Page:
ABC No Rio and Flux Factory are proud to collaborate on the process-based exhibition, Against Competition/Towards Mutual Aid. Seeking an alternative to the competitive atmosphere of art production and exhibition.
New episodes posted here on August 12th, September 9th, and September 29th.
American Alien, a project developed by Flux Factory Artist-in-Residence Ye Taik, is designed to increase awareness of the Burmese diaspora and to serve as a platform for the Burmese American voice. Through interviews published as podcasts on the Flux Factory website, American Alien will address topics related to Burmese innovation and hybridity.
Comprised of conversations with Burmese American intellectuals and prominent artists of Burmese descent, this project questions notions of individual identity and belonging in a country, which from its very beginning, has been inhabited by displaced people: immigrants, outsiders, refugees, third culture kids and third culture adults. In this light, America’s unifying characteristic is one of difference.
Ye Taik has written the following statement about this project:
As a post-nationalist who resides in Brooklyn, I am very interested in exploring the progressive definition of Home. Culture is an organism that expands and contracts, that breathes within the context of the relationships of people with all different skin colors, all different tones and accents, all different perspectives and all different emotional landscapes. As diverse as Americans are, many people of color are still culturally underrepresented.
The series of three episodes includes interviews with New York-based curator and artist, Tun Myaing; the Library of Congress Florence Tan Moeson Fellow and Burmese American Collective Director, Saw Sandi Tun; and Co-founder of Sulu DC, as well as “proud Burmese American Gypsy,” Simone Jacobson.
Episode One: Tun Myaing
[EXPAND About the Episode]Tun Myaing transformed from a high school gang member into an artist and curator whose work highlights the unusual circumstances of his childhood and the juxtaposition of ordinary mundane things with extraordinary internal conflicts.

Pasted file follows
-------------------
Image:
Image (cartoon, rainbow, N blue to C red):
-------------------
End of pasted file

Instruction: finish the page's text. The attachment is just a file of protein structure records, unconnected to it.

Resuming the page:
Interviewer Alethea Vasilas practices west african dance, post-modern dance theater, and butoh ritual movement. She has recently become a master of cultural anthropology and currently cultivates an organic vegetable farm, continuously orienting herself towards creation. She hopes one day to coalesce an experimental Art Farm that would bring together movement, ecology, emotion, nourishment, and sublimation.[/EXPAND]
Episode Two: Simone Jacobson
[EXPAND About the Episode]Simone Jacobson breaks down a progressive definition of ‘home’ and how the shared language of hip-hop culture emotionally connects people. She relays her experiences as a proud Asian American performer and teaching artist through dance, poetry, curating, and leading projects such as a recent three-city hip-hop dance tour sponsored by the U.S. State Department.
Interviewer Michelle Hyun is a cultural producer and researcher collaboratively working on projects with artists and organizations such as Public Movement at the New Museum and Bik Van der Pol with Creative Time. Her work has been realized as part of curatorial projects in the form of exhibitions, public interventions, mass media broadcasts, screenings, and discursive programs. Hyun is currently the 2012-2014 Curatorial Fellow at the University of California San Diego University Art Gallery
Episode Three: Saw Sandi Tun
[EXPAND About the Episode]Burmese American Collective Director, Saw Sandi Tun and Emily Hue wax poetic on the art, community, and disunities present in the Burmese diaspora.
Saw Sandi Tun is Director of the Burmese American Collective, a not-for-profit organization created in 2009 to promote research in the art, history, and culture of the Burmese American diaspora. Interviewer Emily Hue is a Brooklyn-based Burmese American and doctoral candidate in the Department of Social and Cultural Analysis at New York University. Her current research explores how the circulation of Southeast Asian visual and performance art interfaces with emergent markets in connection with the US. She teaches in (Asian) American Studies, and Gender and Sexuality departments at Hunter College and New York University. She has previously been involved in the Asian American Writers’ Workshop in NYC, and worked in the academic publishing industry.
ABOUT THE ARTIST: Ye Taik is a New York based performing artist and also an independent curator of multidisciplinary art and media projects. Currently he is a New York Community Trust fellow through Flux Factory’s Artist-in-Residence program, as well as the Director of Ye Taik and the Black Sheep. His practice is influenced by the fusion of abstract expressionistic dance and is immersed in Eastern and Western philosophy. His works are in the permanent collection of the Library of Congress under the Asian American archives. Ye Taik has been awarded a Presidential Scholarship as a MFA candid for the Theater in Contemporary Performance at Naropa University located in Boulder, Colorado. He is a proud American of the Burmese diaspora.
This project was made possible in part by the New York Community Trust. Special thanks to Ye Taik and the Black Sheep Organization (Kim Burgas and Alethea Vasilas), Burmese American Collective Organization, Flux Factory Executive Director Christina Vassallo, photographer Alison Nguyen, coordinators Emily Hue, Michelle Hyun and all others who participated in this project. Image courtesy Alison Nguyen.